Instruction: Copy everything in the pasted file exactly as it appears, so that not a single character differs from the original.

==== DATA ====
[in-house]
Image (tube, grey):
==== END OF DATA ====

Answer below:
[in-house]
Image (tube, grey):